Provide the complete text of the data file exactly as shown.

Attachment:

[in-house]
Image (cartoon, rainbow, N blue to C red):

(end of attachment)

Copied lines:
[in-house]
Image (cartoon, rainbow, N blue to C red):